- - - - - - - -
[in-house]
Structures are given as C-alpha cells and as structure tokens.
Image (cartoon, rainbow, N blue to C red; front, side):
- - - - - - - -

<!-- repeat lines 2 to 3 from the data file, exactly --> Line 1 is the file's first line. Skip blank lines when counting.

Structures are given as C-alpha cells and as structure tokens.
Image (cartoon, rainbow, N blue to C red; front, side):